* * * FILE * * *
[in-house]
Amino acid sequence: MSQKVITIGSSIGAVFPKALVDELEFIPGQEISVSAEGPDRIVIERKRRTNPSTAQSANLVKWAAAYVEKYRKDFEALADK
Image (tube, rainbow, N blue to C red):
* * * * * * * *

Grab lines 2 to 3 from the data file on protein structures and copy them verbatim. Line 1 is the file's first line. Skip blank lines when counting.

Amino acid sequence: MSQKVITIGSSIGAVFPKALVDELEFIPGQEISVSAEGPDRIVIERKRRTNPSTAQSANLVKWAAAYVEKYRKDFEALADK
Image (tube, rainbow, N blue to C red):